Take the 2-minute tour ×
Stack Overflow is a question and answer site for professional and enthusiast programmers. It's 100% free, no registration required.

I was doing some dynamic effect on DIV using JQuery when I found that
the returned value of this.id varied from function to function.

I got two sets of simple parent-child DIV tags like this:

        <DIV ID="row">
        <DIV ID="c1">              
        <Input type="radio" name="testing" id="testing" VALUE="1">testing1
        </DIV>
        </DIV> 
        <DIV ID="row">
        <DIV ID="c2">              
        <Input type="radio" name="testing" id="testing" VALUE="2">testing2
        </DIV>
        </DIV> 

Code 1.

$('#row DIV').mouseover(function(){ 
radio_btns.each(function() {
$('#row DIV).addClass('testing');  // worked
});
});


Code 2.

$('#row DIV').mouseover(function(){ 
var childDivID = this.id;
radio_btns.each(function() {
$('#'+childDivID).parent('DIV').addClass('testing');  // didn't work
});
});


I don't understand why only the first code could work
and highlighted all the "row" DIV,
but the second code failed to do so?

share|improve this question
    
    
You mean "but the second code failed to do so"? –  edwin May 14 '10 at 19:18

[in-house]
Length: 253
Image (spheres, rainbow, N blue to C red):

1  
You can't have two elements with the same id on the same page. –  edwin May 14 '10 at 19:19

2 Answers 2

up vote 3 down vote accepted

First, you have the same ID multiple times, this will lead to all sorts of odd behavior since it's invalid HTML.

Once that's corrected, for the second code example, you need an adjustment to highlight the current row on hover (note .row is now a class to eliminate the ID issue), like this:

$('.row div').mouseover(function(){
    $('#'+this.id).parent('div').addClass('testing');
});​

However, there's a better way to go about this since you already have the reference to the object, like this:

$('.row div').mouseover(function(){
    $(this).addClass('testing');
});​

Generally speaking, I can't think of a case where you'd want to use $("#"+this.id), if you have this, it should be $(this) to get the jQuery object you want.

One more item, outside the question really, if you wanted a hover in this case, use .hover() and .toggleClass(), like this:

$('.row div').hover(function(){
    $(this).toggleClass('testing');
});​
share|improve this answer
    
why it is .row instead of #row? Are they different in meaning in JQuery? –  user327712 May 18 '10 at 18:51
    
@kwokwai - They are, .row searches for elements with a class of row, #row looks for elements with an id of row. –  Nick Craver May 18 '10 at 19:25

try this:

var childDivID = $(this).attr('id');
share|improve this answer

Your Answer

 
discard

By posting your answer, you agree to the privacy policy and terms of service.

Not the answer you're looking for? Browse other questions tagged or ask your own question.